After years on television, Kelly Hu’s amazing beauty is now gracing big screens around the world. Isn’t it great? If she continues to be part of other action/fantasy projects, how can any one of us complain? The success of The Scorpion King was a good step in the right direction and we could all get down on our knees and pray for the first Kelly starring role in an action movie. So, what’s the story behind this gorgeous Siren?
She was born on February 13, 1968 in Honolulu, to a family with Chinese, English and Hawaiian ancestry. As a barely-walking toddler, Kelly was already performing songs for family members and lucky neighbors, improvising lyrics from everyday life. She made her first public performance on a pre-school Christmas show, portraying an angel. This increased her passion to be in the spotlight and soon after, at the tender age of five, she became an enthusiastic dance student.
Around this time, Kelly learned her first kung fu lessons from her older brother, and she began to get into fights with neighborhood boys. The two siblings were soon sent to their grandmother, as their parents were having a divorce. Now living in Kahului, Kelly began to learn baton twirling. Their stay lasted two years, as they came back in Honolulu to now live with their mom, who was now working many odd jobs to support her little family. At the age of 13, Kelly herself began working as a salesperson on weekends and weeknights.
Kelly enrolled in a Drama Program, where she stayed for the next four years. She eventually traveled with the class to Indiana, New York and Los Angeles, destinations that enforced her decision to soon make it as an actress. A chance encounter with the modeling agent of her cousin living in Japan gave her a big help, as he suggested that she try her luck in beauty pageants. So, Kelly enrolled in a photo posing class and was soon contestant in the Miss Hawaii Teen USA Pageant. Of course, she won. This resulted in a free ticket to the 1985 Miss Teen USA Pageant, representing her home state. Kelly won again, the first time a person of Asian origins was being such crowned. With a nice $150,000 price in cash and the privilege of being seen by 50 million people, this was an amazing show business beginning.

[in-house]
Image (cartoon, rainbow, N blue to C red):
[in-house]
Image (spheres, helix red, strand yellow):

As planned, Kelly went to Japan, soon finding work modeling and shooting many television commercials. In 1987, Kelly got her big break on American TV for the season premiere of Growing Pains. Now moving to Los Angeles, she placed an ad in Variety to announce her arrival and availability. In 1989, Kelly made her movie debut with a small part in Friday the 13th VIII: Jason Takes Manhattan. She would play Ray Manzarek’s wife in Oliver Stone’s The Doors in 1991 and continued to regularly appear on television. After auditioning for The Joy Luck Club (co-starring France Nuyen), she didn’t get the part.
After No Way Back in 1995 with Russell Crowe, Kelly began to seriously train in martial arts at the Alborzi Karate Academy in Beverly Hills. She took part in some TV dramas, like Sunset Beach, Melrose Place and Pacific Blue. In 1997, she was cast in a movie alongside eternal goddess Pam Grier, untitled Fakin’ Da Funk. She was offered a role in The Corruptor, co-starring Chow Yun-fat and Mark Wahlberg, but turned it down, as she was not prepared to do nude scenes.